By John V. Berry, Esq., www.berrylegal.com
Many federal employees have a limited understanding of the Merit Systems Protection Board (MSPB) and what its role is in protecting federal employee rights. The MSPB is an independent federal agency that functions as a quasi-judicial court system protecting certain federal employee rights through an appeals process.
Types of Federal Employee MSPB Appeals
The MSPB generally handles the following types of federal employee appeals:
1. Appeals of removals (terminations) or demotions (discipline or for performance);
2. Appeals of disciplinary suspensions of more than 14 days;
3. Federal retirement-related appeals related to OPM actions;
4. Whistleblower appeals;
5. Denials of within-grade salary increases;
6. Reduction-in-Force (RIF) appeals; and
7. Appeals involving discrimination based on military service (USERRA cases).
The MSPB also has jurisdiction over other types of federal employee appeals, but the ones listed above tend to be the most frequent. Among the 7 types listed above, the most common type of appeal, in our experience, are removal appeals where a federal employee is attempting to contest his or her termination from federal employment.
A Brief Description of the MSPB Appeals Process
An MSPB appeal is a quasi-civil action, with an administrative judge assigned to hear the federal employee’s case. For a federal employee it is much like being a party in a regular civil case. Once an appeal is filed by a federal employee the federal agency will almost always be represented by their own attorneys and it is important for the employee to be represented by an attorney as well. Once a federal employee files his or her appeal (by themselves or through counsel), an administrative judge is assigned and the case begins when the judge issues an Acknowledgment Order. An MSPB appeal provides a federal employee with the ability to seek discovery of facts and documents related to their appeal. This includes the ability of a federal employee to question their supervisors or other agency officials, under oath (taking of depositions), to gather facts in preparation for the upcoming hearing. Through discovery, a federal employee can also seek documentation from the federal agency involved (and possibly others), such as emails, correspondence, video and other materials that are relevant to their legal defense.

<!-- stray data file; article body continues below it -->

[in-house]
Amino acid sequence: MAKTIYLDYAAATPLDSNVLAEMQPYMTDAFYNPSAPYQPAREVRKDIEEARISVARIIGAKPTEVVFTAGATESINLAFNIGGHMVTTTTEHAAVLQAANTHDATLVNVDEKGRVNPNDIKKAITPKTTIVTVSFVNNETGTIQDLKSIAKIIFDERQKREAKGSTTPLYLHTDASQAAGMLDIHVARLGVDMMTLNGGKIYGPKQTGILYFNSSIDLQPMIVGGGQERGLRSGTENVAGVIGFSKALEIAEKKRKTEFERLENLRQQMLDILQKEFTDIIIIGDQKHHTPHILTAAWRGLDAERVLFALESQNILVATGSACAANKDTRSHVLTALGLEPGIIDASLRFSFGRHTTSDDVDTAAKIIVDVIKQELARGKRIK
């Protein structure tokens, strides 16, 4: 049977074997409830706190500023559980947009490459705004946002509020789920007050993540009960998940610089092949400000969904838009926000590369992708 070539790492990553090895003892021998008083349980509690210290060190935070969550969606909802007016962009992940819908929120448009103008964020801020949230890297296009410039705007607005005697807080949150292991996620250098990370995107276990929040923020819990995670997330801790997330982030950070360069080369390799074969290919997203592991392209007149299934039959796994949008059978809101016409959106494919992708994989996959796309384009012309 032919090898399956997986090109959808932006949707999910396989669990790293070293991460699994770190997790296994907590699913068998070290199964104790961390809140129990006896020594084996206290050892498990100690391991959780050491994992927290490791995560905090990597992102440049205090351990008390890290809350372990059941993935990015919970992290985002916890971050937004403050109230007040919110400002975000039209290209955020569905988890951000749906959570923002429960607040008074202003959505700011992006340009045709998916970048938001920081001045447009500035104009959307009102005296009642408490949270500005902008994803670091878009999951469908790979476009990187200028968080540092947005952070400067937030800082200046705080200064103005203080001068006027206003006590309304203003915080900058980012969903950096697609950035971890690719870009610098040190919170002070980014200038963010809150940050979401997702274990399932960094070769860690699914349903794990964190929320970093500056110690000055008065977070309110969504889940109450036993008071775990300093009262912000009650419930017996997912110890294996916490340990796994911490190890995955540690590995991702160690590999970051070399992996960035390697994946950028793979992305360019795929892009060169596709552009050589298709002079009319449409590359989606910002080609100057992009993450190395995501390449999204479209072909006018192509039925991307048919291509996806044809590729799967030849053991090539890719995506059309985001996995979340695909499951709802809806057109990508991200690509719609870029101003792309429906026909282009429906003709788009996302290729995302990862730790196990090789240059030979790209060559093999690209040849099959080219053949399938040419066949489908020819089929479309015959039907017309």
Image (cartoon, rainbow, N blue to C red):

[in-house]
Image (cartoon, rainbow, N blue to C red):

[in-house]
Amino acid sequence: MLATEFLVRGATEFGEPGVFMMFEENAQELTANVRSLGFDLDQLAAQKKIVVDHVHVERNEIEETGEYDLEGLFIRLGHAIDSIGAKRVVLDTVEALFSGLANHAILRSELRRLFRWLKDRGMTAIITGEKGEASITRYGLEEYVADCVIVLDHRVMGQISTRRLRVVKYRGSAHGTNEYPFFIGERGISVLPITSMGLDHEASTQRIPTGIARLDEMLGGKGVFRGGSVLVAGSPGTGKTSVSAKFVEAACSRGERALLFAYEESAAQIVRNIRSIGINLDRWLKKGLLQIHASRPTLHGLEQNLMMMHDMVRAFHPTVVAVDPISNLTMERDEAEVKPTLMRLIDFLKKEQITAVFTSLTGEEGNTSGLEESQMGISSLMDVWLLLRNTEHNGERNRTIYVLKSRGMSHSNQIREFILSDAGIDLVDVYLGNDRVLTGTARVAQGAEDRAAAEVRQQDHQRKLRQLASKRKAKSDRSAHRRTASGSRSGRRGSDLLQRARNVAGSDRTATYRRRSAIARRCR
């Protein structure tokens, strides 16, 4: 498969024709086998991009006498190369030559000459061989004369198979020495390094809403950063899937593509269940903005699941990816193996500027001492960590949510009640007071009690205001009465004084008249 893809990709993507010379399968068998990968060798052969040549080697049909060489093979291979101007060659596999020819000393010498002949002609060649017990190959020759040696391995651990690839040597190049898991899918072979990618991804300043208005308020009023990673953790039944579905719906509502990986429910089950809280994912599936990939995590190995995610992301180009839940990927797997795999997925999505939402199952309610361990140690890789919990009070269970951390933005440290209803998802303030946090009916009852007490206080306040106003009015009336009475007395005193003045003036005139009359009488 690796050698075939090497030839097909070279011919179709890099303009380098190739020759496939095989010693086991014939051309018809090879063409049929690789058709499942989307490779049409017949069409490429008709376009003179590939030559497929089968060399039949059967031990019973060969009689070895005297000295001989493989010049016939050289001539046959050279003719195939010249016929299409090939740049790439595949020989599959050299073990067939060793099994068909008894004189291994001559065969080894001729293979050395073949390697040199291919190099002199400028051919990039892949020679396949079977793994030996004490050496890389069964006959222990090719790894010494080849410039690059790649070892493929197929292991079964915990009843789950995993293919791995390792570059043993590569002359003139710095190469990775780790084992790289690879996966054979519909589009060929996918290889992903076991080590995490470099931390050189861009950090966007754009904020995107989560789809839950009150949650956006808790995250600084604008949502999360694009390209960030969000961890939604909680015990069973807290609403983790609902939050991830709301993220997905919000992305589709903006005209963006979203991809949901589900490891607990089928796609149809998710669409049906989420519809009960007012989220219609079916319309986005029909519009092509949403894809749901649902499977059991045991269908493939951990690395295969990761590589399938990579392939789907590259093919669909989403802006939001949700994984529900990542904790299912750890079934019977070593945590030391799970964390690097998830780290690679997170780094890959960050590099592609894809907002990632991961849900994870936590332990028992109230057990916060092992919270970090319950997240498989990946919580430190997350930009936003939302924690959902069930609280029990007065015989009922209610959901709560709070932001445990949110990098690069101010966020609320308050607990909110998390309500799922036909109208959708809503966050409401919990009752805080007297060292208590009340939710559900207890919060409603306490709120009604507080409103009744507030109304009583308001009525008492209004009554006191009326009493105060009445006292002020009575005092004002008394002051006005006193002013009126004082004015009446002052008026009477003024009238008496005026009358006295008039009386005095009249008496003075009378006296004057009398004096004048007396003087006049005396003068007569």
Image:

An MSPB appeal also permits (and encourages) the parties, where it is possible, to attempt to settle an appeal prior to the hearing stage. A settlement is a compromise between the federal employee and federal agency regarding the disposition of the appeal. In most cases, once the discovery process is complete, the case moves to the pre-hearing stage, a hearing date is assigned and ultimately a hearing is held by a MSPB judge. The entire process of litigating an MSPB appeal, in our experience, usually takes between 120 and 180 days. An MSPB hearing functions much like a traditional court case. (1) there are opening and closing statements, (2) the calling and cross-examination of witnesses, and (3) the introduction of evidence in support of a case.After the hearing is complete, unless the parties brief legal issues following the hearing, the administrative judge will then issue her or her decision. After the close of the hearing or any final briefs are submitted, a decision will then be issued. We have seen administrative judges make decisions from a few days after the close of the record to a few months after. The process can vary. The Administrative Judge's decision can then be appealed by either side to the full MSPB Board (a 3 person appeals board appointed by the President) and then to the U.S. Court of Appeals.
If you need assistance with an MSPB appeal, please contact our office at (703) 668-0070 or at www.berrylegal.com to schedule a consultation. Please also visit and like us on Facebook at www.facebook.com/BerryBerryPllc.